As most of you who read my blog will know, I am now in my third year of university and fretting somewhat about the impending doom that is ‘being a grown up’. Granted, I have already done the real world thing once before, being a ‘mature student’, but this time I know what I want to do with my life. I don’t know exactly how to get there, but that’s another matter. Several of my house mates are sharing my trepidation at entering the full-time working world, and not a single one of us is entirely sure how to make our degrees work for us.
Of the seven ladies I live with, only two have come straight from school into university. The rest of us have taken anything from one to five years out of education to really decide what it was we wanted to study. For this reason we have all chosen subjects we are genuinely passionate about and want to follow into a career. However, we have all found one massive problem. Good grades and work experience just isn’t enough for employers any more.
Everyone in the house has had a job from the age of about sixteen. None of us are from particularly well-off families so it was never a matter of choice if we wanted to have any kind of social life as teenagers. Even now, studying in our final year of our degrees, six of the seven of us are working to support ourselves. Some of us have more than one job. Yet in meetings with careers teams we are all hearing the same thing. Work isn’t enough.
Volunteering is the magic word these days. And not any volunteering, but specific roles that are relatable to the job you want to apply for. For some of us even that isn’t enough. One housemate, currently studying history and wanting to go into heritage upon graduation, has been categorically told by her careers mentor she will need a good degree, volunteering experience and most probably a masters degree to even be in with a chance of getting a paid job somewhere. So only about £20,000 worth of education and countless unpaid hours.
I can almost understand for some of our degrees. I want to write. My roomie downstairs wants to be an actor. There’s another journalist, a costume designer and a film director among us. Yes, granted, experience and portfolios are crucial for us all to show our competency. But there’s a wannabe teacher too. And – you guessed it – she needs volunteer experience. Actually, she needs classroom experience, but without teaching qualifications all she can do is volunteering. So she’s essentially forced into giving up her time for nothing.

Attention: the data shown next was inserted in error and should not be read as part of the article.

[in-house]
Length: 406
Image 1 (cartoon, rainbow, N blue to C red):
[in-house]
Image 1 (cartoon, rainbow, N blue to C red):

I know what you’re thinking – if you really want these careers then why do you begrudge giving up your time to give yourself a better chance at it? One word – time. As I previously mentioned, we are third year students holding down jobs, families, friends and relationships – often over long distances. In most cases we are volunteering for positions that would otherwise be paid roles in most jobs. The biggest problem with needing experience in certain fields is that those fields get to benefit their own businesses and organisations by having free labour to do with as they please. And we will do whatever is asked of us, because ‘it looks good on the cv’.
There is no solution to this. University internships go some way towards helping, offering funded, short term jobs that give you experience and (in creative industries) items to put in your portfolio. But it is almost enough to make a passionate love for a subject die. I run my blog, voluntarily write articles for another website, review plays for another website and write for my university newspaper. But I am still losing out on jobs to people with ‘more relevant experience’. I guess you can’t know it all.
Have you any experience of this? Ever had to have volunteer experience for a job role? Share your volunteering stories below.